The Atlanta Hawks wrapped up their three-game homestand on Wednesday night but could not wrap it up with a victory as they fell short in their efforts against the Houston Rockets (playing without Russell Westbrook, the Hawks without Jabari Parker and Bruno Fernando), 122-115.
Trae Young and James Harden made history as they became the first opponents to register a 40-point triple-double in the same game, Young scoring 42 points, grabbing 13 rebounds and dishing out 10 assists while Harden scored 41 points (including 22 in the first quarter), to go along with 10 rebounds and 10 assists.
Let’s talk about this one, shall we?
Falling away, hanging around, coming back, missing opportunities
Heading into this game, there was no doubt as to who the favorite was and in the first half, it definitely threatened to be over before halftime as the Rockets ran away in a hurry.
The Hawks started this game well and had some highlight plays but that’s really all it was for the Hawks in the first quarter as the Rockets poured out 45 first quarter points, led by Harden’s 22 points, hitting 6-of-9 from the field in the full 12 minutes to go along with seven free throws and six assists.
Harden benefited from a number of matchups where he was guarded by Trae Young, and that’s just a matchup the Hawks can’t allow because it’s just suicide.
Here, the Hawks just allow Young to matchup on Harden, who does not have to work hard to free himself into a three-pointer:
After a stop, Young is faced with Harden coming back down the floor, and again Young is matched with Harden and the result is the same:
Look, the entire league struggles to guard James Harden but you can’t allow this to happen if you’re the Hawks because the result is as you see above — that was one reason why Harden and the Rockets scored as many points as they did in the first quarter.
A quick spurt to begin the second quarter for the Rockets put them up by as many as 23 points points and even toward the end of the half this game still was not looking fantastic, but the Hawks hit a number of threes inside the last to minutes (two from Allen Crabbe — one of those coming at the buzzer — and one from Brandon Goodwin) to cut the lead to 15 points at the half to give the Hawks some life heading into the third quarter.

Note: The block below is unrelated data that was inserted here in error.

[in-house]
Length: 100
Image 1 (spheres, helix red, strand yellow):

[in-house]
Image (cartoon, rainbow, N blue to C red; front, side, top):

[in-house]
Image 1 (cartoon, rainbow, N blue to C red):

“Yes. For sure (it was a big deal),” said Young of cutting the lead to 15 heading into the locker room. “They were beating us really bad, especially in transition. You could tell by the score it was getting out of hand early on. The way we finished out the half was good.”
The Hawks did indeed cut further into the lead in the third quarter, quickly cutting the lead to single digits and there was life to be had from the home team. An Allen Crabbe three-pointer — his third of the night — cut the once 23 point lead to just four points, leading to a Rockets timeout.
However, following that timeout came one of the most important stretches of the game as the Rockets responded with a 12-2 run to re-establish a double-digit lead heading into the fourth quarter.
James Harden gets the run started as he takes advantage of a favorable matchup with Brandon Goodwin — who had just checked in for Young — and Harden knocks down the three in the one-on-one matchup:
Again, James Harden creates havoc as he gets by Kevin Huerter, collapses the defense, finds Austin Rivers in the corner, Rivers finds Ben McLemore who hits the three:
Good rotation from the Hawks here defensively, the first from Brandon Goodwin and then Kevin Huerter on McLemore, but all of a sudden the Hawks are now trailing by 10 points again.
And there was no letup from the Rockets, as Eric Gordon takes advantage of a potentially illegal (moving) screen from P.J. Tucker to free Gordon from Goodwin for three:
After De’Andre Hunter got on the board for two points to break the 9-0 Rockets run, the Rockets struck again from beyond the arc as a bit of a broken play leads to decent ball movement from the Rockets and leads to another Ben McLemore three-pointer: